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Compostable paper and plastic products are defined as any single-use item utilized to serve food to customers that will breakdown into compost. Being able to compost your organic waste with some of your consumer waste keeps even more items out of traditional waste streams and is a great environmentally friendly solution.


There are now a number of manufacturers of compostable products offering single-use products ranging in scope from food trays to cups, from forks to compostable spoons, and everything in between.

It still sounds simple, everybody should do this! What's the catch?

While we encourage our customers to explore the compostable product alternatives available, the truth is that while there is a wide variety of "compostable" items, many of them are processed in different ways. At TOR, we only accept items that are certified for windrow composting. This is the method that we utilize for commercial composting, adding our "browns" and "greens" into a long pile called a windrow.

St. Louis Composting's Belleville Facility

St. Louis Composting's Belleville, IL windrow composting facility.

Windrow Turner

A specialized windrow turner rotating the compost and introducing oxygen to the row.

CMA Logo

With this consideration, if you want to explore these eco-friendly alternatives to traditional plastics and paper serving products, you can visit our friends at the Composting Manufacturers Alliance (CMA) to select items in a wide variety of design styles and capacities that are tested and certified compostable for the windrow method of composting. On their website, you will find items designated at CMA-W. Any product listed there with this designation is accepted by Total Organics Recycling. If you have questions about other products under consideration, feel free to call us for clarification and acceptance.

If you require any further assistance, feel free to contact Laura Gale at 636-825-6206 and we'll help you find a compostable product solution!


First, let us say this is what you can compost with us, this is not necessarily a home composting guide. We are a commercial composter, our piles get nice and hot and are constantly monitored in the field. As a result of the heat we are able to maintain, our compost piles break down in 3-6 months and can include a wider variety of items.


Home composting can also be very rewarding and successful, but the items you should include in your home pile don't necessarily include what we can take and break down below. If you're interested in exploring home composting, CLICK HERE.



The general rule of thumb is, IF IT GROWS, IT GOES. This includes all fruit and vegetable waste. One small note, please try to remove any stickers that might be on your produce. 


All bakery items are fine for composting, this includes raw dough. While you don't necessarily want to include dairy in your home composting since it might attract animals, dairy is fine for your tote. Egg shells do not need to be rinsed, just throw them in your tote.


Coffee grinds and tea bags are fine to go into your tote. You can even include your coffee filters and no need to break up your tea bags, you can put those in bag, string, tag and all.


While some cooked meat is OK to go into your tote (especially from the front-of-house waste), we want to minimize the amount that we add. Try to keep this to a minimum and always avoid uncooked meats. Other food items are perfectly fine to go into your composting. If some oil is included, make sure it is vegetable oil, but try to keep that to a minimum. If you are recycling your organic waste from the front-of-house, make sure ALL serviceware is certified compostable (forks, spoons, knives, trays, packaging, and bowls). Resources can be found here, selecting CMA-W items, CMA-W Products – Compost Manufacturing Alliance.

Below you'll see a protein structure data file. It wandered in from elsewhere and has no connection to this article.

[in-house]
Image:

This is the item that confuses everyone. Regular cardboard should stay with your conventional single-stream recycling efforts (paper, plastic, aluminum). Most single-stream recyclers don't want things like dirty, greasy pizza boxes, we can take those.




Plastic bags that are compostable are available in the marketplace. We have clients that will use compostable bag liners which are acceptable. However, conventional plastic bags are not something we want in our totes. The same goes for any plastic that you would recycle with another service, like how we recycle our plastics at home and have them picked up by our waste contractor. If it is not specifically labeled as compostable, feel free to recycle it by another means, but don't put it in your tote.


Single-stream is the term used for the recycling most of us are familiar with already, plastics, paper, cardboard, and aluminum. While we want to keep this material out of the landfill, it does not qualify as organic waste we will compost.


We've mentioned we don't want plastic bottles before so it sounds like we are repeating ourselves! However, it is critical that all plastics that are not compostable stay out of your tote. It is especially important to keep styrofoam and glass/ceramics out of your composting.


Thank you for your business and your efforts to keep food waste out of the landfill. It not only helps reduce greenhouse emissions, but helps produce compost, which has a ton of positive benefits and properties that help us maintain healthy soils!

If you find you still have questions, please feel free to reach out to our Sustainability Coordinator, Laura Gale, at Laura would be happy to answer any questions you might have, as well as, come to your facility to train your staff. In addition, we have the poster above available to post in your facility, you can have as many as you like!

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